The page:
Though there seem to be rather general procedures which can be condensed into a se­arch-and-find me­tho­do­lo­gy, the methodsused in each research pro­ject will have to be adjusted to the particular topics in question. Dialo­gic in­trospec­tion is a new technique which combi­nes classical individual introspection with groups. It is parti­cularly suitable to study mental processes which can or could be recalled and thus re­gains a field of research which has not been studied tho­roughly since long owing to at­tacks from "ob­jecti­ve" psy­cho­logy (Bro_ek & Diamond, 1976, 93-100) and beha­vio­rism (Watson, 1913).

2. The Qualitative-heuristic Methodology

Our basic methodology is heuristic. In everyday life we inter­act with our environ­ment and our­sel­ves, both confirming and changing our outer and inner worlds. Inter­action relies on our sense organs but also on physical, verbal and mental activities and results in our orientation and beha­vior ­in ever changing situations. The heuristic side of interaction is the basis of the heuri­stic methodo­logy.

The methodology uses four basic rules which refer to the situat­ion of the re­searcher, the topic of the research, of data collection and data analy­sis. In short the rules are:

Rule 1: "The researcher should be open to new concepts and change his/her pre­con­cep­tions if the data are not in agreement with them". Label: Openness of the researcher.

Rule 2: "The topic of research is preliminary and may change during the research pro­cess." It is only fully known after being successfully explored. Label: Openness of the research topic.

Rule 3: "Data should be collected under the paradigm of maximum structural variation of per­spec­ti­ves". There should be as many different points of view as possible. Label: Ma­ximum structural variation of perspectives.

Rule 4: "The analysis directs itself toward discovery of similarities". It tries to discover accor­dan­ce, ana­lo­gies, correspondence, regularities or ho­mologies within these most va­ried sets of data to find structure or patterns. Label: Discovery of simila­ri­ties.

The research process itself is performed as a mental dialogue between the research person and the topic of research respectively the data, it is trans­for­med into a dialogic (or dialectic) pro­cess of que­stion and answer and new que­stion based on the answer etc. until all data are structu­rally incor­porated. Analysis is a constant search to discover the pattern of the data. It is simi­lar to Fen­i­chel's des­cription:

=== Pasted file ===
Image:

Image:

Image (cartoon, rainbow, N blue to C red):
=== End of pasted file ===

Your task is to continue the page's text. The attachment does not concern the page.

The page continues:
"Freud once compa­red psychoana­lysis with a jig-saw puzzle ("Zu­sam­menlegbil­der der Kinder", 1896, 441-442), in which the aim is to con­struct, out of the frag­ments of a pictu­re, a complex pictu­re. There is but one correct solu­tion. So long as it is not disco­vered, one can per­haps re­cognize isola­ted bits of pictures, but there is no coherent who­le. If the correct solution is found, there can be no doubt as to its validity for each fragment fits, bey­ond question, into the general whole." (Fen­i­chel, 1935, 329).

This is a good metaphor with the exception that the "fragments" are not fixed ele­ments but flexible and changing which makes a scientific discovery the more complex and diffi­cult. The re­searcher will assu­me which part may be rela­ted to which other part. This reflects ­Schlei­er­macher's suggestion to combine the "divinato­ri­sche Me­tho­de" (to divine a relation on a sub­jective basis) with the "comparative method" (to achieve ge­neralization) (1838,169) as a psy­cho­logi­cal tech­ni­que. But the suc­cess of dis­co­very also will de­pend on the flexibi­lity of the re­searcher and his or her readi­ness to abandon pre­con­cep­tions. Mach des­cribes the psy­chologi­cal pro­cess of disco­very as the "adap­tion of thoughts to the facts and thoughts to each ot­her" (1905, 164). Ein­stein & Infeld compare the activity of a scien­tist to that of a detec­ti­ve. If he [the scien­tist] ... wants to reach at least a parti­al solution he has to collect the existing dis­orde­red facts, inte­grate them into a coher­ent whole and make them un­der­standable through a crea­tive thought" (1938, 16, translated from German).